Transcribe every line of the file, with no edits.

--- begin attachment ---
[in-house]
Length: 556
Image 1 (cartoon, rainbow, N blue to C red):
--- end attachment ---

[in-house]
Length: 556
Image 1 (cartoon, rainbow, N blue to C red):